Unsteadily, we inch our way along the narrow trail on the edge of the mountain, peering cautiously over the edge in search of the elusive spot-breasted parrotbill (Paradoxornis guttaticollis). The parrotbills were spotted along this grassy hillside in Nagaland’s Zunheboto district just a couple of weeks ago by Angulie Meyase, Nagaland’s leading bird guide. So throwing caution to the wind we thread down this treacherous, twisting necklace. An unending expanse of clouds beneath us gives us the illusion we are above the sea. Luckily for us, a thick mat of undergrowth cloaks the sheer drop beneath our feet. But the early morning chill soon transforms into a golden, sun bright day. And we shed our hopes of seeing the birds along with our many layers of warm clothing.
The day before, though, some of us were lucky enough to spot a flock of grey-headed parrotbills (Paradoxornis gularis) for the better part of an hour. We watch them swoop and turn through forest groves on the other side of the valley near Sukhai village. I am accompanying the second set of ecotourists to visit the community-conserved areas of the Tizu Valley Biodiversity and Livelihood Network, where TERI with Titli Trust, the Nagaland Forest Department, many volunteers and the funding support of GEF-Satoyama via Conservation International-Japan has initiated a community-conservation and ecotourism programme. We are still finding our feet with the tourism venture, and each batch of intrepid explorers that accompany us are as much our friends, guides and mentors as they are ecotourists in a wondrous, remote land. On this trip, Sunita Reginold and Varsha Gulalia take over the local kitchen and prepare spicy chole, Ajay Maira, gives us invaluable tips based on his two decade experience of running rafting ventures, Gillian Wright writes on her experience as an ‘experimental ecotourist’ while Akash Gulalia guides people on butterflies.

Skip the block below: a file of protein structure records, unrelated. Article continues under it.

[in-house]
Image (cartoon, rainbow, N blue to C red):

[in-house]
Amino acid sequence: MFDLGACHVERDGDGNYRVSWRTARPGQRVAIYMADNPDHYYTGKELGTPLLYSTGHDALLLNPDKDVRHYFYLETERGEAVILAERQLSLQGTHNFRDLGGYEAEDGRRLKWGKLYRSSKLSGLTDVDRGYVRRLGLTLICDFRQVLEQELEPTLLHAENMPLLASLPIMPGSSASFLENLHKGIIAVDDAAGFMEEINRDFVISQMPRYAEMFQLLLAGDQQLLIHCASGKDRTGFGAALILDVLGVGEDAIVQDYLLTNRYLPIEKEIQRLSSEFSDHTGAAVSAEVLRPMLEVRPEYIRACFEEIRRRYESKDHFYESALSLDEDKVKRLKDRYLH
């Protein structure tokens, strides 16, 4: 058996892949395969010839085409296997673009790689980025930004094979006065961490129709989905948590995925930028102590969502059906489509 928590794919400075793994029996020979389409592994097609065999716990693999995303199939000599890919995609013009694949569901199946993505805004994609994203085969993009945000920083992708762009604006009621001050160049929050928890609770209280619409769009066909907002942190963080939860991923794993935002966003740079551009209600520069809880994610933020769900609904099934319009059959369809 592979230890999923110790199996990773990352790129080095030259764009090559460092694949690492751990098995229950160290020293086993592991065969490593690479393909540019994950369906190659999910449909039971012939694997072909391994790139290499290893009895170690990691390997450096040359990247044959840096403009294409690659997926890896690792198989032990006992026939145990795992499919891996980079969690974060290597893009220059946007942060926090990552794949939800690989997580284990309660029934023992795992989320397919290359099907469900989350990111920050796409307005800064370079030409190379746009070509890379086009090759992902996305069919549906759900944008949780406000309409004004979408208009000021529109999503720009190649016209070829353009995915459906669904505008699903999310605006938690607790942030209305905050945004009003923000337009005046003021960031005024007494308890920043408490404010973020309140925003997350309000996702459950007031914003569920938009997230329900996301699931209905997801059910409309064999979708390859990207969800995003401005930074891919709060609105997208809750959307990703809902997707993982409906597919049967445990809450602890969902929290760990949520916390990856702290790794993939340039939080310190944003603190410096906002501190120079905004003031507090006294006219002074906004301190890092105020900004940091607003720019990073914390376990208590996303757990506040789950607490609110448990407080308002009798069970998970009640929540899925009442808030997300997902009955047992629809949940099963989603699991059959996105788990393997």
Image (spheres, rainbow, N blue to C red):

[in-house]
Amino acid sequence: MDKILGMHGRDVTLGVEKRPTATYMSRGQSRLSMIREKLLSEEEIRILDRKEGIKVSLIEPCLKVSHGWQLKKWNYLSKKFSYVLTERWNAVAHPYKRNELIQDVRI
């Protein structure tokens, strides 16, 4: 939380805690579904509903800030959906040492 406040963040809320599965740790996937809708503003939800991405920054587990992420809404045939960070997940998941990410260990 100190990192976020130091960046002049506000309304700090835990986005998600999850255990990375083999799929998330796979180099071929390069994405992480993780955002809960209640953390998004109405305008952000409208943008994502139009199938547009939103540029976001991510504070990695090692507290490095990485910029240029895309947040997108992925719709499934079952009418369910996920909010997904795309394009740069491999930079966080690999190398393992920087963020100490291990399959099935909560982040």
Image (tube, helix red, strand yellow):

In just a couple of years, the local communities of three villages, Sukhai, Ghukhuyi and Kivikhu in the heart of Nagaland have banded together to protect their river and forests from hunting and fishing. But the path has not always been easy. I remember when we first brought our future funders from Conservation International-Japan to meet the local communities; the first question the village people asked was whether we were bringing in government grants and schemes! And when we told them we were planning on providing training on documentation of their Amimi, as butterflies are called in the local Sema language, and on birds, they could not quite believe their ears! We still occasionally have to convince them that they are protecting their wildlife, not for us, but for their children. And they still don’t understand why we prefer to stay in their flower bedecked, trellised, bamboo and wood houses, rather than in pucca, concrete ones. But they are increasingly used to our eccentricities and happy to welcome us to into their homes and hearths.